Retrieved: August 15, 2014
Outcome: Transferred to 4 Luv of Dogs Rescue
Case Manager: Bobbi Jo Hemphill
Retriever Bobbi Jo was contacted by a resident of her hometown in northern Minnesota about a black dog that had been hanging out near his business on the outskirts of town. The dog appeared to be young and limping. He was black and very skittish and would not let the man get near him. Bobbi Jo had recent experience in the same town in capturing two goldendoodles (see that story here), and she jumped into action.
Bobbi Jo (BJ) immediately got awareness to the various outlets and authorities in hopes someone would come forward claiming to have lost the dog. That never happened so we assume the dog had been dumped to fend for itself.
At the same time, BJ set up a feeding station in a secluded area of the property near where the dog had been seen. She also set up a trail camera to get pics of the dog using the food/water station and she set up a wire kennel as shelter for the dog and to get it comfortable with entering an enclosure and to prepare him for capture in the trap.
For two weeks, each day BJ would stop by a few times a day to restock the food and water and check the camera. The dog was staying in the area, eating from the feeding station and better yet, was feeding from inside the wire kennel. The time was right to set up the trap for capture.
I drove up the four hours on a Friday and BJ and I quickly set up a new trap we have. A Retriever fan had graciously donated a Great Dane sized wire kennel that I converted to use as a trap with our sensor/magnet set up. We felt a Missy Trap was not needed (but I did bring one with just in case). We set the trap near where the feeding station was and then ran the 200 feet of wire to my jeep which was parked a distance away behind some tall grass. We decided to forego the sensor because we planned to manually kill power to the magnet from my jeep when the dog entered. We sat and we waited.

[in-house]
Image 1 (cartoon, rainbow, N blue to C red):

We waited a short 45 minutes before the dog emerged from the tall grass and approached the feeding station area. He first knew something was different and watched my jeep from the area. He did a lap around the wire kennel. He then walked over to the trap and his hunger overcame his caution and he walked right into the trap for the food. We pulled the plug and the gate closed. He was safely captured.
We did not confirm he was a boy until we calmly approached the trap. He was a bit frightened/overwhelmed and peed, but we also confirmed him to be young. Our guess was 6-7 months old. After a couple minutes he was gently taking treats from BJ by hand and was already a sweet boy.
It was a hot and sunny day so we covered the top of the trap with a blanket to shade him. We decided to name him Cash because his coat was all black and he was a surviving rebel like Johnny Cash.
We checked Cash for a microchip and there was none.
We loaded up the trap equipment and Cash into my jeep and then the trap itself onto the cargo carrier. It was time to hit the road back home with Cash who would spend a couple nights with me until he went to rescue. He slept all the way home in the cool AC of the jeep.
In the 48 hours I spent with Cash, I learned that he was a very, very sweet boy and just wanted to be a happy puppy and play with my two goldens. On Sunday he was transferred to Fargo, ND to be fostered by 4 Luv of Dog Rescue. At the time of this posting he is currently up for adoption.
We’re told he did well at his initial vet visit and is estimated to be 10-12 months old and his limp was from anaplasmosis, a tick borne disease. Antibiotics will rid him of that.
A special thank you goes out to 4 Luv of Dogs Rescue for taking Cash into foster. They already had a Cash in foster so we decided to change the name of our Cash to Lucky. They will find Lucky a wonderful family and that family will be very lucky to have Lucky.
The plan from the start, to capture Lucky, was executed perfectly by Retriever Bobbi Jo. Once again, she did a fantastic job in helping this dog and saving him.
Good luck and best wishes on a great life, Lucky.
Here’s a video of the capture shot from 200 feet away.